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Are bananas, as we know them, becoming extinct?

Are bananas, as we know them, becoming extinct?
Bananas are the world’s most exported fruit and have become a dietary staple for many people and cultures. Of the 114 million tons produced annually, 85% are produced for consumption in the United States [1]. Unfortunately, the most popular fruit in the world may be under threat by a lethal fungal disease. Fusarium wilt of banana, or Panama disease, affects the seedless Cavendish banana, which is by far the most common banana variety. In fact, 95% of the commercially sold bananas are of the Cavendish variety. Scientists around the world are working tirelessly to find a replacement or to find a solution to this growing threat of fungal disease.

Fusarium wilt of banana is caused by the soil-borne fungus

Fusarium oxysporum f. sp. cubense. It enters the plant through the roots and colonizes the xylem vessels. This blocks the flow of water and nutrients, even though the fruit is not directly affected by the fungus. Progression of this disease in the plant ultimately leads to plant death.
This persistent fungus, once established, can remain in soil for an indefinite period of time and cannot be managed with chemical pesticides [2]. The severity of this disease for the Cavendish banana lies in the nature of how bananas are reproduced. Bananas do not contain seeds, therefore, most bananas consumed around the world are actually clones that originate from only two different varieties. Both of these varieties show little resistance to the disease.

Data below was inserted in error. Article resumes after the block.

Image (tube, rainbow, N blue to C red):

Fusarium wilt was first recorded in 1874 in Australia, although it is likely that the disease originated in southeast Asia. In 1890, the disease was then reported in Panama. From there, it spread to Costa Rica, Suriname, Cuba, Trinidad, Jamaica, Honduras, and Guatemala. Now the disease has been reported in almost all banana-producing countries [2].  The banana industry experienced a similar disaster when Fusarium devastated the Gros Michel variety of bananas after the turn of the 20th century. The destruction was abated in the 1950s when the resistant Cavendish replaced the Gros Michel variety. Now, the Cavendish variety is subject to the same destruction that its predecessor experienced.
Work is underway to come up with a solution to this global problem. In Honduras, scientists are crossbreeding two varieties to develop a new breed that is resistant to the disease. Biological control is being used in China by rotating banana crops with Chinese leek, whose soil microbial community suppresses the pathogen [2]. There has also been extensive research done on developing a transgenic Cavendish banana that is resistant to Fusarium wilt [3]. At this time, scientists believe genetically modifying the Cavendish banana is the best solution for fighting this growing threat, though this may present a problem to consumers and markets that are cautious to introduce genetically modified products such as Europe and Japan.

By Alani Barajas
R&D Microbiologist
Hardy Diagnostics




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